Research Handbook on International Conflict and Security Law Jus ad Bellum, Jus in Bello and Jus post Bellum
Jus ad Bellum, Jus in Bello and Jus post Bellum
- Research Handbooks in International Law series
Edited by Nigel White and Christian Henderson
Chapter 4: The prohibition of the use of force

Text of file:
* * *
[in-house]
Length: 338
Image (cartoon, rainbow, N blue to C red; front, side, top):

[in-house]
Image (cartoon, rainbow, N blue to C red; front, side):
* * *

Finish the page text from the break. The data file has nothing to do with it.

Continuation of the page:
H.L.A. Hart, the renowned Oxford scholar of jurisprudence, described legal rules that ‘restrict the free use of violence’ as ‘obviously essential … to the maintenance of social life’. Some may believe that the international legal system lacks such essential rules, and, therefore, fails to qualify as a true legal system. In fact, principles for the control of violence have been a feature of international law at all stages of the system’s development. This observation will likely not satisfy critics of international law who believe that while international legal rules on the control of violence may exist in theory, they have no impact in the real world. These critics would conclude that international law in reality has no rules to restrict violence. A similar charge could, however, be levelled at domestic law. Murder, rape, robbery and assault are common in every city of the world and are even rampant in places where, nevertheless, no one doubts that a legal system is in place. Still, the charge against international law should be taken seriously. While it is not the case that international law has no rules against violence or that the rules work any better or worse than domestic anti-violence rules, it is the case that failures to control violence at the international level impose far greater suffering than analogous failures at the national level. Humanity can and should demand more effective and extensive legal controls of international violence. This chapter concerns the central international legal rule against violence:
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